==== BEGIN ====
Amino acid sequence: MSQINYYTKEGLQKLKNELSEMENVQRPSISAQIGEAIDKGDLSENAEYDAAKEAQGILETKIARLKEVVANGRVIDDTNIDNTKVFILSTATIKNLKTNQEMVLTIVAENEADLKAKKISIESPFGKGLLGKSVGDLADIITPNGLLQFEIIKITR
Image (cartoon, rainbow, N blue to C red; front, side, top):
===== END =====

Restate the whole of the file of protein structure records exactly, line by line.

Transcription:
Amino acid sequence: MSQINYYTKEGLQKLKNELSEMENVQRPSISAQIGEAIDKGDLSENAEYDAAKEAQGILETKIARLKEVVANGRVIDDTNIDNTKVFILSTATIKNLKTNQEMVLTIVAENEADLKAKKISIESPFGKGLLGKSVGDLADIITPNGLLQFEIIKITR
Image (cartoon, rainbow, N blue to C red; front, side, top):